Area lakes remain at historically high levels with more rain on the way. They are being carefully watched and officials are discouraging people from including them in their holiday plans.
Many of the boat ramps and recreation spots are under water and officials said the swollen lakes easily hide dangerous stumps and debris. There's also a chance that someone could be swept downstream if water tops a dam.
LINK: To check late closures, go to tpwd.texas.gov/state-parks/ and click on a park.
Lake Ray Roberts was four feet shy of spilling over on Thursday, with creeks backing up in nearby areas. The flood gates at the lake were expected to be completely opened by late Thursday night.
Floods in neighborhoods south of the lake are possible and people are being warned that the roads could be flooded out.
Emergency services in Denton County said they are patrolling some areas that could see flooding on the roads about every three to six hours. Officials are watching for places where lake backups could impact roads.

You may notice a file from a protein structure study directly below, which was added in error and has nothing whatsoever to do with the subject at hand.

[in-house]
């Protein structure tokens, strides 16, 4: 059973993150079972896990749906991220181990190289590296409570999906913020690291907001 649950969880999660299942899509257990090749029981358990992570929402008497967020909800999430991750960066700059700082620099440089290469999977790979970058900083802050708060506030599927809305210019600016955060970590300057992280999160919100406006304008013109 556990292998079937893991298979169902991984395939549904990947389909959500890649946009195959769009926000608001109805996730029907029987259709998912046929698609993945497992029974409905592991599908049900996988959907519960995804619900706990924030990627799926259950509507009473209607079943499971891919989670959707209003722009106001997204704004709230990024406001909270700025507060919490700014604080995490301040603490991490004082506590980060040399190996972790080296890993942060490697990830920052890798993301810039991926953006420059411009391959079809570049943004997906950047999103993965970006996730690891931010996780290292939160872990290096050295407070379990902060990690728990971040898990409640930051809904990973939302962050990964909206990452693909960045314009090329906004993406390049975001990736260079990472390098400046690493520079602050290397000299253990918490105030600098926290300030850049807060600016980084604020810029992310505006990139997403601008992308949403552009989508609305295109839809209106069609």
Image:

Some of the land that backs up to a creek is flooded in Denton County, but no homes have taken on water and officials don't expect that to happen.
Friday afternoon, rescue teams fired up their engines to test everything.
The Texas Army National Guard also has units ready to help with water rescues. Their trucks can drive into about 3-and-a-half to 4 feet of water and help deploy bots if needed.
The trucks are in Denton County, in Cleburne and in Granbury.
The Army National Guard also has helicopters on standby in Grand Prairie to be airborne at a moment's notice for potential high water rescues.
Lake Lewisville is about 1'8" shy of going over the spillway, according to Army Corps of Engineers.
With the potential for flooding, Dallas County emergency officials have come up with an emergency action plan.
Just to be on the safe side, they've mapped out how they will respond, including evacuation routes.
Still, Dallas city leaders say they're not too concerned about flooding being a threat over the weekend.